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I’m not sure where to begin. I both read the book and watched the film and had two different experiences. The movie was a campy, loose, pg-13 extravaganza, with a happy ending. The book was a journey of self awareness and accreditation that was much darker in overall tone, with splices of humor mixed in.

In the movie you’ve got R, a zombie, who falls in love with Julie, a living person, and through the consumption of Julie’s boyfriend’s brain becomes closer to her which triggers a “change” in him that is primarily physical in nature; whereas in the book the change is much deeper and isn’t solely dependent upon Julie as a focal point.

I’m one of those people. You know the ones. The snobs, the elitists, the fanboys; who, when they know the source material, are super critical of any adaptations. I don’t mean to be. It isn’t that I think there is some kind of holy pact one enters when they decide to bring to life literary characters; I just have a vision in my mind of the way things are supposed to be when I read them. Luckily for this film I saw it first before I read the book, otherwise I would have experienced several WTF?! moments.

Don’t get me wrong. The film is good in my opinion. Not super stellar, but it is great piece of fun to watch if not just for the hilariously dedicated zombie run of Nicholas Hoult. But to put it in perspective for you, the book has prostitution, zombie sex, pornography, alcoholism, suicide, and everyone doesn’t live happily ever after. There is hope mind you, but it embraces the difficulty of the road ahead.

I call this the one the ugly, because in my mind I kept picturing sexual activity with a zombie and that is just nasty. Just like sex with a vampire is nasty. Yeah, I’m talking to you Twihards. Edward is dead and that shit is disgusting. I have a problem even thinking about Lestat doing the deed, and I actually love him as far as fictional vampires go. Necrophilia is a disease and it is not cute, even if you do sparkle like diamonds in the sunshine.

I do have one issue with the film and I said I wouldn’t write about it, but screw it, this is my blog. The character of Nora is Julie’s best friend. In the film she is played by the awkwardly beautiful Analeigh Tipton. I loved her in Crazy, Stupid, Love; but Nora is supposed to be of African descent. Her skin is characterized as coffee brown, with the author going out of his way to mention the half-Ethiopian heritage of the character.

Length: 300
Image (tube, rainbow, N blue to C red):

When the author, Isaac Marion, was questioned about the casting choice he had absolutely no problem with it.

“I was consulted in the early stages of the process, and may have helped narrow down the list a little. I’m not sure what would have happened if I seriously objected to any of their casting, but luckily, I didn’t. I love the cast. They paid more attention to the actor’s personalities than their physical appearances, and I think that was the right choice. Personality is what matters in a character, not superficial indicators like height or hairstyle or even skin color, and the personalities of the cast all fit beautifully.” –Warm Bodies author Isaac Marion

And that is when I had my first WTF?! moment. Look I’m not racially or socially sensitive, but how asinine does it get honestly? “Pay more attention to the character’s personality?” Are you for real? The character of Nora is barely an entity in the book and even less so in the movie. Are you telling me they found no actresses of color to hide under a desk and look worried. To put makeup on a zombie corpse. To hold a gun up to someone’s head. None whatsoever could encapsulate the personality of a young half African female for 10 minutes of dialogue? I call bullshit.

That will conclude this edition of Zomnibus. I have a lot more zombtastic materials just waiting for me to peruse, but I think I’ll take a break from it for now. My garage door came back up after I let it down the other night, and I was convinced that Bicycle Girl had crawled under in time to trip the sensor and was hiding under my car.

J.R.H.

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